In early September, the U. S. Census Bureau finally confirmed what I've suspected for some time now: The average consumer was starting to benefit from wage increases for the first time since the onset of the Great Recession that was triggered by the financial crisis in fall 2008. Specifically, an increase in U.S. incomes last year delivered the first significant raise for the typical family after nine years of stagnant and declining earnings, the result of sustained job growth finally lifting a broad swath of American households.
As was widely reported, the median household income rose 5.2%, or $2,798, to $56,516, from a year earlier after adjusting for inflation. The increase was the largest annual gain recorded since the yearly survey of incomes began in 1967, though it didn’t fully close the gap left by last decade’s recession. Median household incomes stood 1.6% shy of the 2007 level, before the last recession took its toll, and 2.4% below the all-time high reached in 1999.
This confirms my suspicions, because of several reports of strong consumer spending, particularly in automobile sales in the past two years, and in the increasing levels of consumer confidence that I've written about before. A confident consumer will buy a new car and eventually a new home, and as a group, they fuel 70% of our entire gross domestic product. Simply put, they are the biggest economic engine of all, and are a huge factor in the overall strength of the construction materials industry.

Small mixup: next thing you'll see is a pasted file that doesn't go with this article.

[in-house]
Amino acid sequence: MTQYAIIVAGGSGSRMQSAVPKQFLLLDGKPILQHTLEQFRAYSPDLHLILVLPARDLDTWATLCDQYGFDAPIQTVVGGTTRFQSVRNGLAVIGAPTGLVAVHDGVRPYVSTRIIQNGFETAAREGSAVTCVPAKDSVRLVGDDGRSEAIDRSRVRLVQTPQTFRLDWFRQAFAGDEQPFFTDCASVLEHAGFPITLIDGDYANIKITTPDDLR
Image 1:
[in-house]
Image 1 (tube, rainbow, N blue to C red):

The Census Bureau report is drawn from an annual survey asking detailed questions about annual incomes, including wages, dividends, child support, and government benefits. The survey, collected in March with results released in September, is sent to about 95,000 households that are representative of the U.S. population.
Poorest see largest gains
The figures show how several years of robust employment growth, including 2.4 million people who gained full-time work last year, helped regain ground lost after an especially wrenching downturn, particularly for lower-income households. The largest increases in incomes last year were for the bottom one-fifth of all earners, which reflect rising state and local minimum wages. Among all full-time, year-round workers, women saw substantially larger earnings gains than men, posting an annual increase of 2.7%, compared with 1.5% for men. The increases narrowed the pay gap between women and men to the lowest level on record.
Longer hours, higher wages and lower inflation also have contributed to the improvement. Income gains were spread across nearly all age groups, household types, regions, and racial or ethnic groups. The only exception was households living outside metropolitan areas, which saw flat incomes with little or no growth. But even with these reported gains, the typical full-time male worker earned about $150 less last year than in 1998, after adjusting for inflation.
At the current pace, median household incomes could surpass their 2007 level next year, bringing a painful, lost decade to an end for wage earners. Also the official poverty rate in 2015 was 13.5%, down from 14.8% in 2014. That was still slightly higher than in 2008 and up from 11.3% in 2000. The poverty level was $24,257 for a family of four;more than 43.1 million Americans were living at or below this level last year.
Incomes have been much slower to recover from the recession than stocks, home values, and other measures of wealth or value; these measures reached a new record during the second quarter, according to another report from the Federal Reserve, but income growth is now also closing the gap created by the Great Recession. These gains can only bode well for continued growth in the construction industry in general, and in the concrete industry, in particular.